A leading consultant in Irish and international trade says trouble is in store for European suppliers selling to British small- and medium-sized enterprises (SMEs) that over recent years have switched from letter of credit (L/C) terms to alternative forms of trade financing such as factoring.

Writing in the Irish Examiner, John Whelan says that the spectre of a Brexit-driven rise in insolvencies in the British market could create major finance difficulties.

High risk

Whelan cites credit insurer Euler Hermes' Insolvency Index for 2018, which ranks the UK as one of the highest risk countries with a forecast increase in insolvencies of five per cent in the coming year, compared with a five per cent decrease in insolvencies in Ireland and one per cent globally.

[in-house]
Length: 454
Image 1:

As SMEs in the UK are the most frequent users of factoring to support their sales, this higher risk of insolvency will create problems he argues.

Increased costs

Creditworthy SMEs have turned to factoring to avoid the expense and paperwork demands associated with L/Cs according to the consultant.

If creditworthiness of UK customers deteriorates, then Whelan says he expects trade finance costs to increase.

Some UK SMEs may have to return to L/C transactions if they are insufficiently creditworthy to obtain alternative forms of trade finance.

This article represents the views of the author and not necessarily those of the ICC or Coastline Solutions.